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As the colonies prepared for a revolution in 1775, Pennsylvania faced a conflict of its own. Dissatisfaction with its conservative governing body, which had not supported any proposals for independence, had led to the formation of local “committees” that were demanding major change. In June 1776,...
“A hundred thousand people were killed by the atomic bomb, and these six were among the survivors. They still wonder why they lived when so many others died. Each of them counts many small items of chance or volition—a step taken in time, a decision to go indoors, catching one streetcar instead of...
Albert Einstein (1879-1955) solved a key puzzle for physicists in 1915 with his celebrated theory of relativity, won the Nobel Prize in Physics in 1921, and, most significantly, fundamentally changed our understanding of space and time. Recognized world-wide as a great scientist, Einstein received...
At first glance, it may seem contradictory that celebrated artist Chuck Close is best known for his large-scale portraits. Close has prosopagnosia, which means that he has trouble recognizing faces—even those of people he has known for years. But flattening out a face through the process of painting...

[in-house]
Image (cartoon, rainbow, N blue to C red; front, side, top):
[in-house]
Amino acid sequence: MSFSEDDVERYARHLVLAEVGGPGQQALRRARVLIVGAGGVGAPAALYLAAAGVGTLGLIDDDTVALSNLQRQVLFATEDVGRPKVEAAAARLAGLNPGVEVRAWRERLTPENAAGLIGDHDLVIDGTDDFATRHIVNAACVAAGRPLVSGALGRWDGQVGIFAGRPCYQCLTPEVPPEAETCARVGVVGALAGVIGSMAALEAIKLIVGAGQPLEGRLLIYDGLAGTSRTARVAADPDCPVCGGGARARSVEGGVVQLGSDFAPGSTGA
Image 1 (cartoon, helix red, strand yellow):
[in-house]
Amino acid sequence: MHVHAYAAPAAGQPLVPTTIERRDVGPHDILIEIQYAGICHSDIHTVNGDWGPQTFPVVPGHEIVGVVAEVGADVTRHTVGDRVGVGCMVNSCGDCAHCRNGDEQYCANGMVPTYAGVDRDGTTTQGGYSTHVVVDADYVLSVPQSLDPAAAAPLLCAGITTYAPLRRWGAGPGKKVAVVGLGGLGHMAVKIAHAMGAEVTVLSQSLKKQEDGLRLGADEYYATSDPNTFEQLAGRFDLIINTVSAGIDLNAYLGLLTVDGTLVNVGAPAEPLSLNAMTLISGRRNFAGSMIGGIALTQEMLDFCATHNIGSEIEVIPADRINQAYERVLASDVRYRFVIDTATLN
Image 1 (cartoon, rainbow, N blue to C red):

In the case of architect Frank Furness (1839-1912), one can easily see how the buildings are the product of the man. Furness has been described as hotheaded and difficult, as well as pioneering and imaginative. Critics and admirers alike have called his buildings challenging, even outrageous, but...
This Arma Christi Roll arrived at CCAHA as a rolled bundle of parchment, linen, and leather measuring just five inches wide and a few inches tall. When CCAHA Paper Conservator Minah Song unrolled it for examination, she revealed a nearly six-foot-long manuscript—one of just 20 known copies of the...
A couple from the Philadelphia area was wandering through the shops in London’s Kensington district, perusing old maps and prints, when the two came across a piece of history that reminded them of home: an aquatint and etching by T. Cartwright called Philadelphia, from the Great Tree at Kensington ....
Less commonplace today—maybe because they never unstuck cleanly from the not-so-tasty backing paper—Candy Buttons were once a childhood staple. The colorful dots of sugar came in three flavors, lemon, lime, and cherry, arrayed in rows of four. “Candy Bottoms,” a work reminiscent of the candy (but...